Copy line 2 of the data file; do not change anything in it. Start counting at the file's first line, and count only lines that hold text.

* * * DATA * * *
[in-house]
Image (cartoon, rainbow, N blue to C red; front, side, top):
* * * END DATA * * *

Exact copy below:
Image (cartoon, rainbow, N blue to C red; front, side, top):